guitarlad wrote:They don't have to be a better player than Barrueco, but one would expect them to be able to at least manage the basics, eg. Keep time in a simple/ intermediate duet.
I think there's a bunch of perspectives missing here.
Firstly, its not cool to speak ill of the departed, so I'll only say that you're being a wee bit unkind about Kilvington's performance; at the very least one needs a few experiences of something to know what the average is, and what's not due to a one-off factor eg illness.
I wrote reviews for CG from 1995 to 2009 and spoke several times by phone to Chris Kilvington, and met him in person a couple of times. I found him to be a very decent chap with no airs or illusions, happy and able to be helpful. He died suddenly in 1999 during the week before the Dillington summer school. Which takes place 40 minutes up the road from here. The ensembles had to go ahead anyway - I played his part. Very difficult gig...
The important perspective is that the emergence of Classical Guitar Magazine in 1982 was the fruit of Maurice Summerfield the businessman (and decent jazz guitarist), Colin Cooper, editor, the journalist and published author (and amateur pianist, violinist and very very amateur guitarist), and Chris Kilvington, reviews editor, a teacher, player, and composer. Between them they gained the trust of all the significant figures in the world of playing and composing (and making), right round the world. The fact that none of them could play to a high standard is not relevant. Chris may or may not have been able to hold a beat, but certainly Colin, in that situation would have no chance, and Colin's reputation as reviewer and commentator on the very highest echelons of this world was not, to my knowledge, ever questioned by anybody. Certainly, not by any of the very big names whose opinion really counts. I can't guarantee there are no stories from (then) young players who weren't as good as they thought they were, if you follow.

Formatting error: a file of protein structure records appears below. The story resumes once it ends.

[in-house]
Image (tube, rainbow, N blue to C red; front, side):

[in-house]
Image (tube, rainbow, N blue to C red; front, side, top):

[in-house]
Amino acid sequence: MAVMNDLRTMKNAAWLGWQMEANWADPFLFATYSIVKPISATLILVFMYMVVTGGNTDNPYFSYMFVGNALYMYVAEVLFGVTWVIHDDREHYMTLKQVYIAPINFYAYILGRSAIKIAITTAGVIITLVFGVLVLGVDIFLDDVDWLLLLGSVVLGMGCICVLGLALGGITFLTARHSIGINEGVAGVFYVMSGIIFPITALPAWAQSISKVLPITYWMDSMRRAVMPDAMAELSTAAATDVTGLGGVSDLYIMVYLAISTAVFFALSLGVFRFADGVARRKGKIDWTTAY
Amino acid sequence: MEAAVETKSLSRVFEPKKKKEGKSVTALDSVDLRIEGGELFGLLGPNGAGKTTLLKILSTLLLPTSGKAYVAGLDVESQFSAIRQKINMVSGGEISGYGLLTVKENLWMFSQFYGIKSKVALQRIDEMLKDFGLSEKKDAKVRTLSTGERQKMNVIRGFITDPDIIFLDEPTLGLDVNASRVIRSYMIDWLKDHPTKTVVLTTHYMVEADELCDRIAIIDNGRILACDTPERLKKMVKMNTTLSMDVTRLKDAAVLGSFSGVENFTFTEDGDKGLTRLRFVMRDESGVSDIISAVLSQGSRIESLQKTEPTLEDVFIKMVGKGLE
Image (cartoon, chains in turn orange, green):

You'd certainly have to travel a long way before you find a more modest, unassuming fellow.
Colin worked with Chris as reviews editor right through that time far as I'm aware. He obviously had confidence and trust in his insight and writing. A reviewer is accountable both to the reader, and to the editor and the journal as a whole. While nobody and no organisation is ever perfect, between them they did as good a job as anybody can expect, under the circumstances.
In fact the very last thing you will get, or would actually want, would be a review written by somebody able to actually compete on a par with whatever they are reviewing. The scope for professional jealousy and competition is obvious. While there may be some specialist insights they could furnish, they are unlikely to be able to write a review that would be use to 'most folks'. That's the strength of people like Chris and Colin - they were 'most folks' and could both understand sufficiently what they were hearing, and relate it in always readable, and often beautiful, English.